Concerned with the literary crisis in America, with one in four kids growing up with an inability to read, Sparking Literacy promotes reading for pleasure in young readers. Results have improved literacy rates, prevented dropouts, and changed the future for young people by creating Sparking Literacy book clubs in schools, hosting author events, donating books, and developing audiobooks to help kids with disabilities learn to read.
A spectacular company that works to put more books with diverse characters in the hands of children. Donations help this organization diversify the classroom, support diverse authors, promote diverse programming, and develop educational kits through various programs WNDB internships, scholarship grants, and book giveaways.
3) United Through Reading United Through Reading helps the children of active military personnel bond with their deployed parents through reading. Representatives from the nonprofit visit military bases all over the world film parents reading books to their kids back at home, building the emotional bond between parents and children through literacy.
4) Book Aid International Distributes books to libraries, schools, hospitals, prisons, refugee camps and rural communities in order to encourage literacy and access to reading materials in sub-Saharan Africa and the Middle East. The NGO has sent roughly 30 million books to underserved areas since its founding in 1954.
Project Night Night sends over 25,000 “Night Night Packages” to homeless children each year. These packages contain blankets, stuffed animals, and children’s books that help kids in poor living conditions “feel secure, cozy, ready to learn, and significant.”
Take the Survey!
So there you have it, five stellar nonprofit organizations doing all they can to support reading. Though there are several organizations out there with a similar vision, these five tugged at our heartstrings the most. How about you?
Take our SURVEY to help us decide a) what organization we should fundraise/run for this October and b) why you would donate to this company.
Until next time, thanks for all your help.
And happy reading!
If you’re an aspiring writer and you’ve clicked on this blog, you’re probably debating about getting a MFA. And after the mountain of online articles blurring in your closing eyes, you’ve decided…nothing. “Great balls of fire!” Why can’t anyone give a straight answer!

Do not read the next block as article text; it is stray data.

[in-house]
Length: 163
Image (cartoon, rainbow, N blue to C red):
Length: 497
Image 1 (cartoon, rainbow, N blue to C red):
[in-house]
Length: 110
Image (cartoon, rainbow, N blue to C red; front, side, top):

I’ll tell you why – because they’re vouching for what they think – MFA or no MFA. But unless they’ve agreed to pay your tuition, or hunt you down until you’ve met your weekly word count, their opinions don’t matter. Your’s does, though…so what do you do?
Stop wasting your time reading articles debating about this issue! At the end of the day, it doesn’t matter if John Smith believes you’ll never publish without a MFA and Hilary Clankinbeard thinks burning money on a MFA is baloney. Who cares what they think – they’re not you! And only you understand your professional, social, and financial situation. Only you can decide if a MFA’s benefits will outweigh its costs.
Enter, the solution. The MFA Yes and No checklist, a list of four big reasons you should or shouldn’t get a MFA.
Now on to the list!
First and foremost, I want to express that I am NOT going to give you a list of boring reasons as to why I decided not to get a MFA. This article isn’t about me. It’s about YOU – another aspiring writer out there just itching to learn more about writing! And it’s not important that you hear why I or any other writer did or did not get a MFA. It only matters your situation and what you think will make you a stronger writer. The costs and benefits weigh equally for most debaters, but only you know your work and home situation. Only your gut can tip the scale.
TO GET A MFA OR NOT TO GET A MFA? That is the question…